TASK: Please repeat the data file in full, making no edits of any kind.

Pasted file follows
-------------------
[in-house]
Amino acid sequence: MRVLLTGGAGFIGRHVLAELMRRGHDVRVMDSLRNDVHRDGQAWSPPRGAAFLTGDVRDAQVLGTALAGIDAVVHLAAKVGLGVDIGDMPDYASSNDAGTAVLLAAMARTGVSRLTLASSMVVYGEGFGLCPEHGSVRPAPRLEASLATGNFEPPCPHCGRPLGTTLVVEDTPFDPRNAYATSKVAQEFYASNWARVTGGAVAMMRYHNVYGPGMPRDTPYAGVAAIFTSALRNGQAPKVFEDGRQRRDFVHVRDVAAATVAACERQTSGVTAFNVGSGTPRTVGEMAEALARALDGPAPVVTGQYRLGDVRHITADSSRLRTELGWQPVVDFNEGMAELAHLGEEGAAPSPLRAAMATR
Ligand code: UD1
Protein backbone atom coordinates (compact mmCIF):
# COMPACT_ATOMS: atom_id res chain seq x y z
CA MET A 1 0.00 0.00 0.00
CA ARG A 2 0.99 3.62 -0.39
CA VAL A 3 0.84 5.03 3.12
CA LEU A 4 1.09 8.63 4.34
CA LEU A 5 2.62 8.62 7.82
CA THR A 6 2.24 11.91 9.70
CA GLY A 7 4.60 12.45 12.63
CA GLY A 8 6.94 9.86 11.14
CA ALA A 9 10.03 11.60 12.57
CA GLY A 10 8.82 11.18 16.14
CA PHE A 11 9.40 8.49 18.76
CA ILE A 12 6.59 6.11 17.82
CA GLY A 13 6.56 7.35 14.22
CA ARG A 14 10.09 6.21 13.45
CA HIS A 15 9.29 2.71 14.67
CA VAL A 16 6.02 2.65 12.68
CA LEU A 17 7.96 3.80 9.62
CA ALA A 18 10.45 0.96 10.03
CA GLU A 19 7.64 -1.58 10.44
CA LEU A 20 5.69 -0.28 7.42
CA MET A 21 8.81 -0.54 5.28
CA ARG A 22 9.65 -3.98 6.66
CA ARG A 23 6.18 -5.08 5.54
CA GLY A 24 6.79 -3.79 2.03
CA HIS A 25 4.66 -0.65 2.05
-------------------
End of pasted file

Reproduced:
[in-house]
Amino acid sequence: MRVLLTGGAGFIGRHVLAELMRRGHDVRVMDSLRNDVHRDGQAWSPPRGAAFLTGDVRDAQVLGTALAGIDAVVHLAAKVGLGVDIGDMPDYASSNDAGTAVLLAAMARTGVSRLTLASSMVVYGEGFGLCPEHGSVRPAPRLEASLATGNFEPPCPHCGRPLGTTLVVEDTPFDPRNAYATSKVAQEFYASNWARVTGGAVAMMRYHNVYGPGMPRDTPYAGVAAIFTSALRNGQAPKVFEDGRQRRDFVHVRDVAAATVAACERQTSGVTAFNVGSGTPRTVGEMAEALARALDGPAPVVTGQYRLGDVRHITADSSRLRTELGWQPVVDFNEGMAELAHLGEEGAAPSPLRAAMATR
Ligand code: UD1
Protein backbone atom coordinates (compact mmCIF):
# COMPACT_ATOMS: atom_id res chain seq x y z
CA MET A 1 0.00 0.00 0.00
CA ARG A 2 0.99 3.62 -0.39
CA VAL A 3 0.84 5.03 3.12
CA LEU A 4 1.09 8.63 4.34
CA LEU A 5 2.62 8.62 7.82
CA THR A 6 2.24 11.91 9.70
CA GLY A 7 4.60 12.45 12.63
CA GLY A 8 6.94 9.86 11.14
CA ALA A 9 10.03 11.60 12.57
CA GLY A 10 8.82 11.18 16.14
CA PHE A 11 9.40 8.49 18.76
CA ILE A 12 6.59 6.11 17.82
CA GLY A 13 6.56 7.35 14.22
CA ARG A 14 10.09 6.21 13.45
CA HIS A 15 9.29 2.71 14.67
CA VAL A 16 6.02 2.65 12.68
CA LEU A 17 7.96 3.80 9.62
CA ALA A 18 10.45 0.96 10.03
CA GLU A 19 7.64 -1.58 10.44
CA LEU A 20 5.69 -0.28 7.42
CA MET A 21 8.81 -0.54 5.28
CA ARG A 22 9.65 -3.98 6.66
CA ARG A 23 6.18 -5.08 5.54
CA GLY A 24 6.79 -3.79 2.03
CA HIS A 25 4.66 -0.65 2.05